Code:
newest_dir=$(ls -1rt | tail -n 1)
All of this obviously assumes you are in the right directory. If you run these commands in a script make sure to have the right cd command before them.

EDIT: Closer to Kustom42's suggestion you could also remove the -r flag and use head instead of tail. The advantage of the -r / tail combi is that when you run them manually you get to see the newest stuff at the bottom which avoids having to scroll back. For scripts obviously there is not difference between the two.

Last edited by joe_2000; 03-15-2015 at 05:50 PM.
 
Old 03-15-2015, 07:21 PM   #5
unSpawn
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http://mywiki.wooledge.org/ParsingLs ergo +1 for using "date --date='1 day ago'".
 
1 members found this post helpful.
Old 03-16-2015, 02:40 PM   #6
epipko
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Thanks again for your help.
One more question regarding the same issue:
Since I need to copy the content of that directory, how to store the result of the remote server search to a local variable so I can scp the content of it?

This does not work:

Code:
newest_dir=$(ssh root@rem_server ls -1rt /path/to/dir | tail -n 1)
scp -r root@rem_server:/path/to/$newestdir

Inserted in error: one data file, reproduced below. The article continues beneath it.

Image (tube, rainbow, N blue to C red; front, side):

Thank you
 
Old 03-16-2015, 04:46 PM   #7
joe_2000
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Quote:
Originally Posted by epipko View Post
Thanks again for your help.
One more question regarding the same issue:
Since I need to copy the content of that directory, how to store the result of the remote server search to a local variable so I can scp the content of it?

This does not work:

Code:
newest_dir=$(ssh root@rem_server ls -1rt /path/to/dir | tail -n 1)
scp -r root@rem_server:/path/to/$newestdir

Thank you
The first part works for me. You can test it by running only the first line and then outputting the variable.
Code:
echo $newest_dir
The second line looks wrong. You are providing only one command to your scp command, which does not make any sense.
 
Old 03-16-2015, 05:16 PM   #8
epipko
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I made a mistake pasting second line. It should read:
Code:
newest_dir=$(ssh root@rem_server ls -1rt /path/to/dir | tail -n 1)
scp -r root@rem_server:/path/to/$newest_dir /path/to/local_dir
You said that first line works for you, but it does not return anything back for me.
 
Old 03-16-2015, 05:53 PM   #9
joe_2000
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Quote:
Originally Posted by epipko View Post
I made a mistake pasting second line. It should read:
Code:
newest_dir=$(ssh root@rem_server ls -1rt /path/to/dir | tail -n 1)